Blinded by the Dark Side

The Indian Air Force is in dire need of Advanced Landing Grounds with night landing and takeoff facilities as well as more fighter squadrons

Published: 10th May 2015 06:00 AM  |   Last Updated: 10th May 2015 10:02 AM   |  A+A-

Dark Side

NEW DELHI:In the cold winter night of December 1971 during the Battle of Longewala in the Thar desert, Major Kuldeep Singh Chandpuri sought air firepower from the Indian Air Force (IAF). The critical request was turned down; the IAF did not have fighter aircraft with night vision. Before Major Chandpuri and his 120 men of 23rd Punjab Regiment (Sikhs) stood 2,000 Pakistani soldiers with tanks. Eyeball to eyeball, the Punjab Regiment was staring death in the face.

As the sun kissed the sky with its golden glow, the IAF scrambled HF-24 Maruts and Hawker Hunter jets that rained annihilation on the Pakistani soldiers, wiping out 34 of their tanks.

That was then. Forty-four years on, the IAF’s combat capability has soared. However, a dark side of it is that the force’s many airfields still do not have adequate lights that allow night landing and takeoffs.

 This grave adversity was highlighted by a Parliamentary panel report last week. It stated that while the IAF is battling a depleting combat strength, it still can’t operate at night at key airfields on the borders with China and Pakistan.

 In recent years, the IAF opened three advanced landing grounds (ALG) in Jammu & Kashmir’s Ladakh region at Daulat Beg Oldi, Fuk Che and Nyoma, close to the Line of Actual Control with China. It is also in the process of opening upgraded ALGs at six locations in Arunachal Pradesh by the end of 2016.

On August 20, 2013, a C-130J Super Hercules of the IAF touched down at Daulat Beg Oldie, the world’s highest airfield at a height of 16,614 feet within 10 km of India’s de-facto border with China. Since then, there have been regular C-130J flights to the airfield. An ALG is being developed at Tawang, a border town in Arunachal Pradesh at the core of the Sino-Indian territorial dispute, for landing of transport aircraft and helicopters.

The IAF wants to upgrade the Nyoma ALG, located within 25 km of the border, as well as the Kargil air base into full-fledged airfields capable of handling all types of aircraft, including fighter jets.These airfields are operating without adequate night landing facility.

“The Committee came to know that 11 airfields of IAF do not have Airfield Lighting Systems and the limited requirement is met using mobile airfield lighting system,” the Parliamentary panel said. The IAF has 53 small and medium airfields across India. In seven years, the IAF will lose its edge over Pakistan as it will be reduced to 25 squadrons, equal to that of its neighbour.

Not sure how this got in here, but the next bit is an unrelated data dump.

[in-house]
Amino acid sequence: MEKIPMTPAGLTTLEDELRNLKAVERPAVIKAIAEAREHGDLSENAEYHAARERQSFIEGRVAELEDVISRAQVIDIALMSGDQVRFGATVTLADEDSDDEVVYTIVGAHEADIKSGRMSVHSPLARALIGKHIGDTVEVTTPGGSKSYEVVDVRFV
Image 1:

“That is exactly the problem. Pakistan has 21 active combat squadrons going to 25. We have 35. A drawdown has already begun and by 2022, we will be around 25. It is a one-to-one match with them. Now we have to look at the threat from China. Though you may be at war with Pakistan, you cannot ignore China,” a senior IAF official told the Parliamentary panel.

 The Parliament committee was informed that installation of permanent air field light system is planned under the Modernisation of Airfield Infrastructure (MAFI) project. It was planned in two phases and was to be completed by September 2016. However, the contract for Phase II is yet to be signed.

 The committee was also told that the Arunachal Pradesh government has agreed to transfer the maintence of operations of Tuting, Mechuka, Along, Vijaynagar and Ziro ALGs to the Ministry of Defence. Though the Indian Army has operational control of Tawang and Walong, the IAF has allocated Rs 389 crore for developing seven ALGs in the eastern state.

 The panel took exception to poor border road connectivity and highlighted the army’s inability to reach the eastern border in case of a war with China. It said about Tawang, “In case of war, the army cannot reach there in a day. While our neighbouring countries can reach borders within two to three hours, our army takes more than a day to reach there.” It also slammed the Border Roads Organisation for its inability to provide roads at the eastern front facing China and instructed it to construct good quality roads in the sector on ‘priority’ basis.

FLIGHT PATH

11 airfields with night landing facility hits IAF’s combat and transport ability

IAF has 53 big and small bases in India

In 2022, IAF will have just 25 fighter squadrons, equal to Pakistan’s.

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